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FDA launches openFDA to provide easy access to FDA public data.
FDA has launched openFDA, a new initiative designed to make it easier for web developers, researchers, and the public to access large, important public-health datasets collected by the agency. The initiative will make FDA’s publicly available data accessible in a structured, computer readable format that will make it possible for technology specialists and researchers to quickly search, query, or pull massive amounts of public information instantaneously and directly from FDA datasets on an as-needed basis.
OpenFDA uses a search-based Application Program Interface (API) to collect large amounts of existing publicly available data, offering developers the ability to search through text within that data. Technology specialists may also build their own applications on top of openFDA, giving them a large amount of flexibility to determine what types of data they would like to search and how they would like to present that data to end-users.
“The openFDA initiative leverages new technologies and methods to unlock the tremendous public data and resources available from the FDA in a user-friendly way,” said Walter S. Harris, the FDA’s chief operating officer and acting chief information officer, in a press release. “OpenFDA is a valuable resource that will help those in the private and public sectors use FDA public data to spur innovation, advance academic research, educate the public, and protect public health.”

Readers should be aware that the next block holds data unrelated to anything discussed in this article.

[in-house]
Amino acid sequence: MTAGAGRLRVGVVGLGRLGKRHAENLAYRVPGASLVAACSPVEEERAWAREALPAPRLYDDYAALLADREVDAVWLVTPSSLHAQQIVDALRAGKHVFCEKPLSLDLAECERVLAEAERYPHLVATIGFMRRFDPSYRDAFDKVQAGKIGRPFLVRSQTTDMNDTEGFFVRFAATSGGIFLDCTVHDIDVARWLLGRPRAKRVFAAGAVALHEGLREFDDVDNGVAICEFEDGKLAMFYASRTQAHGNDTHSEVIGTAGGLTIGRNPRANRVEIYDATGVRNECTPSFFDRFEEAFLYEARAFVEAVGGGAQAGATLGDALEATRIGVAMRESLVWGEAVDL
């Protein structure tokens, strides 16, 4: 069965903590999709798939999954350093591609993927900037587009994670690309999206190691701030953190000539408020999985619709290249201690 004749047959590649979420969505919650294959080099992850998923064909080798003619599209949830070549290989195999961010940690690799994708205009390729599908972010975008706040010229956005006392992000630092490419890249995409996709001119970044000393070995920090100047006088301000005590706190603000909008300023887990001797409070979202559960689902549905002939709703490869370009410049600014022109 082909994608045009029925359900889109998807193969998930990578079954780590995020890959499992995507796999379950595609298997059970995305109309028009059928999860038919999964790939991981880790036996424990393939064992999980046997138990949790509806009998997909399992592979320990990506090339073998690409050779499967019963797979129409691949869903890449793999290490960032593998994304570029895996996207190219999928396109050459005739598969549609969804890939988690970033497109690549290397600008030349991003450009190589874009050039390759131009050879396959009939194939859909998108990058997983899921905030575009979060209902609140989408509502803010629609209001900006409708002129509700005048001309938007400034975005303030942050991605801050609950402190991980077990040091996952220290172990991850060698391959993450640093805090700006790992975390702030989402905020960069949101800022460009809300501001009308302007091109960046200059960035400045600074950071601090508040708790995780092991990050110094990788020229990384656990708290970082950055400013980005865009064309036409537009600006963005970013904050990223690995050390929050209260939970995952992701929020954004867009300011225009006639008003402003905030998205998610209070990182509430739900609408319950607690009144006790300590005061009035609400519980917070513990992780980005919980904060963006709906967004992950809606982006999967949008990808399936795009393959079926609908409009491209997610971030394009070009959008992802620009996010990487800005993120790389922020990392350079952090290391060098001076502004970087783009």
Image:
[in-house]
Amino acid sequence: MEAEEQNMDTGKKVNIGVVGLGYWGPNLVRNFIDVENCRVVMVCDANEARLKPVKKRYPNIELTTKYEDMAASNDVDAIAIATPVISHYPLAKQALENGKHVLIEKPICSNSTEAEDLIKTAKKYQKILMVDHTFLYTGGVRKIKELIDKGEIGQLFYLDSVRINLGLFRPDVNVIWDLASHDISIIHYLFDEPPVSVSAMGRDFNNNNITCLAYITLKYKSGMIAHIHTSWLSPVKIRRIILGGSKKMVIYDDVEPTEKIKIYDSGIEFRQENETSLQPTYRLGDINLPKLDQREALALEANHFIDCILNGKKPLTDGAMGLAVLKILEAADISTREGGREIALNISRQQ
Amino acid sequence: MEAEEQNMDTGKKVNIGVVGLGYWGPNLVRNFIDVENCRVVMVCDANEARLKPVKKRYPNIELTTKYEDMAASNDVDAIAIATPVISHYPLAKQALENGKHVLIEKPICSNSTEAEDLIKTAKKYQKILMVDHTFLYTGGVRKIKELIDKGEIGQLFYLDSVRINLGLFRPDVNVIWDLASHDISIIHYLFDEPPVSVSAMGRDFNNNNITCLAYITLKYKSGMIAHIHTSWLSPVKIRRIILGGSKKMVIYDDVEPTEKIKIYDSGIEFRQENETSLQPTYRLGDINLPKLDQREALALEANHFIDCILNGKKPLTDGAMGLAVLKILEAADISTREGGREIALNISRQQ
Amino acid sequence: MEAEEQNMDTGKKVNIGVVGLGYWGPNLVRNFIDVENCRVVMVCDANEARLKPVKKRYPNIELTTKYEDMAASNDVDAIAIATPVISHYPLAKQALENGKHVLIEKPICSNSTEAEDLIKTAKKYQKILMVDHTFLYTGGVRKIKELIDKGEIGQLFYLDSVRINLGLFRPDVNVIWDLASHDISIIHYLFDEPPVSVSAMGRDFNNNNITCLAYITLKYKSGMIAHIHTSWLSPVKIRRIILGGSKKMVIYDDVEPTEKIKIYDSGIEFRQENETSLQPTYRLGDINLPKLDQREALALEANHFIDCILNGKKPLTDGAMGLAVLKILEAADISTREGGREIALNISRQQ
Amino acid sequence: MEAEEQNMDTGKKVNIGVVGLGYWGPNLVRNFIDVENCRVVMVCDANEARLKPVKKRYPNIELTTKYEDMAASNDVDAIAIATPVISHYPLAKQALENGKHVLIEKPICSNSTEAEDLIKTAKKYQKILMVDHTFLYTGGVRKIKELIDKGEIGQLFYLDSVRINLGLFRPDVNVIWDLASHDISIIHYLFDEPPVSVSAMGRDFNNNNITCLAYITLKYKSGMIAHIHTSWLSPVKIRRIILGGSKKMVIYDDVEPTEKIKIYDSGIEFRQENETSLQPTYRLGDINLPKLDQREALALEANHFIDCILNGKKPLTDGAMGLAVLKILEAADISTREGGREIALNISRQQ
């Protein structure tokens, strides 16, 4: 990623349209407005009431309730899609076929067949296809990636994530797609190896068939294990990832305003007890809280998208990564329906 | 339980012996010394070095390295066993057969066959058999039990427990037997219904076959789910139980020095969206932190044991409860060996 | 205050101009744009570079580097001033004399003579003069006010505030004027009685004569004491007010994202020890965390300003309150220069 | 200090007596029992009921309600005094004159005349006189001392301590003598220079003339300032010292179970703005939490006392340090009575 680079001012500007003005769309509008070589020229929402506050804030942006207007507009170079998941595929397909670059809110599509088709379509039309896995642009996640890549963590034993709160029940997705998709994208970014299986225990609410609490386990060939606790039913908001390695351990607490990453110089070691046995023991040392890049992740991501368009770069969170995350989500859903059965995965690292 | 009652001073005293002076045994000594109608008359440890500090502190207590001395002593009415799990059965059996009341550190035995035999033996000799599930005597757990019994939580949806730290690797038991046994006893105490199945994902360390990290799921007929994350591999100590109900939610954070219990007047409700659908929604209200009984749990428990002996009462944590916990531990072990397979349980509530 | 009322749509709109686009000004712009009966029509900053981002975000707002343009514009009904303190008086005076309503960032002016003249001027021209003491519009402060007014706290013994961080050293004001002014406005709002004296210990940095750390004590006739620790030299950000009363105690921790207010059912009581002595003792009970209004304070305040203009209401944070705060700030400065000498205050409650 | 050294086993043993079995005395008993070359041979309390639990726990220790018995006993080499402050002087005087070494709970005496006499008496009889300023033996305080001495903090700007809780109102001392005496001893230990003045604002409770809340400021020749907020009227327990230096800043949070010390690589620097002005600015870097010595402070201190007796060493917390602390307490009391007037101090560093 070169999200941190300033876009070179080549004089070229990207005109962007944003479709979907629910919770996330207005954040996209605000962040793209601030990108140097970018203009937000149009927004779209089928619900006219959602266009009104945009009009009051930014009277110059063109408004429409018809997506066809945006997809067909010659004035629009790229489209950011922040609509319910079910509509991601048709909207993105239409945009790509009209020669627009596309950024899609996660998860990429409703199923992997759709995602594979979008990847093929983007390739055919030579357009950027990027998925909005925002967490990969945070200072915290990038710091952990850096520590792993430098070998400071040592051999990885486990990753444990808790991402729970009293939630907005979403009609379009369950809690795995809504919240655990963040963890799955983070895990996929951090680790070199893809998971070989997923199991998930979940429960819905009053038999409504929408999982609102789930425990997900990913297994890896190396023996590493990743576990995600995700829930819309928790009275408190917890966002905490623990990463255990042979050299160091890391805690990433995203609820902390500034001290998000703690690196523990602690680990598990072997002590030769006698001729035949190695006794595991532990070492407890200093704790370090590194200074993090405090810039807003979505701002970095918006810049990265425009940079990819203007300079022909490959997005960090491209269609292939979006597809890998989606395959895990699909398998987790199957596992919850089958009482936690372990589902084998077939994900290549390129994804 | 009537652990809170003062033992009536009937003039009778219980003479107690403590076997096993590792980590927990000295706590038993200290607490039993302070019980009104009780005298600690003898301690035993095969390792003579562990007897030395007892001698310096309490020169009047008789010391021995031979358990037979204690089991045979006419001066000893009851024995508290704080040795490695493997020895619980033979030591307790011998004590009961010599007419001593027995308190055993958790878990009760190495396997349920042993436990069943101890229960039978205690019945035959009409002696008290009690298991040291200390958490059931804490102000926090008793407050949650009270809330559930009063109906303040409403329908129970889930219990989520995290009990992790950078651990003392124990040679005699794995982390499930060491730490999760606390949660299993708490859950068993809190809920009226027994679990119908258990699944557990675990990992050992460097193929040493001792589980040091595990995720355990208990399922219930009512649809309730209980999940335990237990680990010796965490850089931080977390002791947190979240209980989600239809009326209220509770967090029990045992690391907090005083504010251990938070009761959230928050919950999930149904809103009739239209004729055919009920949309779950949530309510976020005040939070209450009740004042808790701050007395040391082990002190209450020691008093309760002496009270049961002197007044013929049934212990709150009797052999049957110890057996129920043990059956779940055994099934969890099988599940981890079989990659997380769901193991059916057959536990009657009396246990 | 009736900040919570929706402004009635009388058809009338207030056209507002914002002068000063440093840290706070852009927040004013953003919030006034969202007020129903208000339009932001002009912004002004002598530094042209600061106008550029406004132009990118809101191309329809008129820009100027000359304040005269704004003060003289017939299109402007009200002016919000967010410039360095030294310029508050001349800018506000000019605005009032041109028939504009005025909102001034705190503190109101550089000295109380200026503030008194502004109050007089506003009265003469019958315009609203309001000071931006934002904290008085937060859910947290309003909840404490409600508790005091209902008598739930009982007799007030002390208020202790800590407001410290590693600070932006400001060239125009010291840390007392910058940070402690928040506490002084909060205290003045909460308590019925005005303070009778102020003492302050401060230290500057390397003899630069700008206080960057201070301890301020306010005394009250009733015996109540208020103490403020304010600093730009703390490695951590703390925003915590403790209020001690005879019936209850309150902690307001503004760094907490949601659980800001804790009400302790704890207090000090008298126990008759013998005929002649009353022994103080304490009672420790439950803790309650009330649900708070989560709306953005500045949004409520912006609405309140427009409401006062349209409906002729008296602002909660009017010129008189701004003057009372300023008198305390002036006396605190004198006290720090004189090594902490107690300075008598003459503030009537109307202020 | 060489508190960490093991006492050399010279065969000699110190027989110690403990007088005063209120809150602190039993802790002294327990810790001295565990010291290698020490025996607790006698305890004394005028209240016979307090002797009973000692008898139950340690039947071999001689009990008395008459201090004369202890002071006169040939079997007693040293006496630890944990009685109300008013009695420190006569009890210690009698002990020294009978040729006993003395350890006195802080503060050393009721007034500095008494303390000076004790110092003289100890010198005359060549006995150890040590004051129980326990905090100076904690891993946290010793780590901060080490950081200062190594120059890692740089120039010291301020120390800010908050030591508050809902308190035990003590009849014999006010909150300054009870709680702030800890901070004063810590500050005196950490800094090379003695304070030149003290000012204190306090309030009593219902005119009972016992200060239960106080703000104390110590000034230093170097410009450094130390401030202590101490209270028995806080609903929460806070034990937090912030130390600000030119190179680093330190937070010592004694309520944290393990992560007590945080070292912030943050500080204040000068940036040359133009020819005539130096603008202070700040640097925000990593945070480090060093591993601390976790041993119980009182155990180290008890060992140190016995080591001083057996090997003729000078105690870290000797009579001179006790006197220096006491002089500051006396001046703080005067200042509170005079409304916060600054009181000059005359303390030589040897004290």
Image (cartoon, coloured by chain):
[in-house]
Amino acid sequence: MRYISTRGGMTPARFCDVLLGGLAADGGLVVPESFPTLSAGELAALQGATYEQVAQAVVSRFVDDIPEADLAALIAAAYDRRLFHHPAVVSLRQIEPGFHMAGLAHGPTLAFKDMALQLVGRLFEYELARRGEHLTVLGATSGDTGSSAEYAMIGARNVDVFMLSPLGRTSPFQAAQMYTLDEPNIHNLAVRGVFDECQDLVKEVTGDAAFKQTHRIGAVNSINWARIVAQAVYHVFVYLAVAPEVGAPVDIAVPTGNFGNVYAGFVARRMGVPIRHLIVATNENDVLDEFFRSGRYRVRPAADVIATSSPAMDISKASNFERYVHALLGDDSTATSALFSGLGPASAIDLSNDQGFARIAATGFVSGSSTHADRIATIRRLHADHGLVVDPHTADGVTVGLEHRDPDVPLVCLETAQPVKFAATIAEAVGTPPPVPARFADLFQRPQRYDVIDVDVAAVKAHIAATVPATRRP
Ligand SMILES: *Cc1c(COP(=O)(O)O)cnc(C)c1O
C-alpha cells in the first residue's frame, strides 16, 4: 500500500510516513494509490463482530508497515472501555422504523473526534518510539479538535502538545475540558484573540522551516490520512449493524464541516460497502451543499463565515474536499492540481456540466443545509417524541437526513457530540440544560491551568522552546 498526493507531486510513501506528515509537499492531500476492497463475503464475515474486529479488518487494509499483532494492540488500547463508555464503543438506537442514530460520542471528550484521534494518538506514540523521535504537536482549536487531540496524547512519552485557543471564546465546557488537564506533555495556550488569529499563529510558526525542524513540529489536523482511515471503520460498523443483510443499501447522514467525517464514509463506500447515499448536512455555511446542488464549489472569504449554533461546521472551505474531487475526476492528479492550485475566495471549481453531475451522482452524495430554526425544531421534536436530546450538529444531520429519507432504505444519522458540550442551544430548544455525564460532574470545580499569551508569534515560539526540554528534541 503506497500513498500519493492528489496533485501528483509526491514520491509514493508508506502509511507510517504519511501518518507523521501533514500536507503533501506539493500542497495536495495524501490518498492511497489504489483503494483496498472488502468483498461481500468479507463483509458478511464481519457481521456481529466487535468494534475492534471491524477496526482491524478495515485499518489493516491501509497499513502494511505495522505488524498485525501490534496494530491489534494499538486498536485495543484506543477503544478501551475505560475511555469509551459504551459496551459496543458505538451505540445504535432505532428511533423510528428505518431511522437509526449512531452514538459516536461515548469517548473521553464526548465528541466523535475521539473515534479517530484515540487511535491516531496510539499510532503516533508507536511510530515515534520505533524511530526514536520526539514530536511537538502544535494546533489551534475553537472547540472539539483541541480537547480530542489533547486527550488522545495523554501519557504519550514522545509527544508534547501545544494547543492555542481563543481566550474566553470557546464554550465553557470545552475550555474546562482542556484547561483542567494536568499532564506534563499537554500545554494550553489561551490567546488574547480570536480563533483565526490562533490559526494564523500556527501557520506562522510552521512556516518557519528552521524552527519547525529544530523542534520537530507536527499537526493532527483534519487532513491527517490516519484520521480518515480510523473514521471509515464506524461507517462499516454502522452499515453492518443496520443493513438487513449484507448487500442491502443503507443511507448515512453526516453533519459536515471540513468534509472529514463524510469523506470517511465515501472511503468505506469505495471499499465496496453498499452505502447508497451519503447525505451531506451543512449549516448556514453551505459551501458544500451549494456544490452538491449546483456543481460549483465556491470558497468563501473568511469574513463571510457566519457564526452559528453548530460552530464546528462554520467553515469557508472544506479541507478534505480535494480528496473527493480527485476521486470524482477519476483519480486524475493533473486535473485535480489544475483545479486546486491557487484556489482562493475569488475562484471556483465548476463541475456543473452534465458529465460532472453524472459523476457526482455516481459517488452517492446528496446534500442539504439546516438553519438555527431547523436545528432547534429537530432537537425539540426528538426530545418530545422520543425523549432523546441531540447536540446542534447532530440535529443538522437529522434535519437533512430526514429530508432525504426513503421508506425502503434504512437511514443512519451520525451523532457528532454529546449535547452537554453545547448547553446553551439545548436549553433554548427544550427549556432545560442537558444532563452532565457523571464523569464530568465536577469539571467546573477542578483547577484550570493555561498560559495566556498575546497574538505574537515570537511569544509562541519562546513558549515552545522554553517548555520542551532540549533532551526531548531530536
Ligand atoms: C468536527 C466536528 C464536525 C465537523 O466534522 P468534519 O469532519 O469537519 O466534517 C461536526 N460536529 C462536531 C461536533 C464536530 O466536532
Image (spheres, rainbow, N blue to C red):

The initiative is the result of research with internal FDA officials and external developers to identify difficult-to-use datasets in recurrent demand. FDA phased in openFDA with an initial pilot program involving reports of drug adverse events and medication errors that have been submitted to FDA from 2004 to 2013. Previously, the data were only available through difficult-to-use reports or Freedom of Information Act requests.
According to FDA, the adverse events data made available under this initiative do not contain any data that could potentially be used to identify individuals or other private information. The pilot will later be expanded to include the FDA’s databases on product recalls and product labeling.
“Through this new and novel approach to data organization, these reports will be available in their entirety so that software developers can build tools to help signal potential safety information, derive meaningful insights, and get information to consumers and healthcare professionals in a timely manner,” said Taha Kass-Hout, MD, the FDA’s chief health informatics officer. “OpenFDA offers a scalable platform that can be easily searched and queried across many distinct datasets, can be easily redeployed or altered to fit a variety of purposes, and provides an innovative public data search and analytics solution.”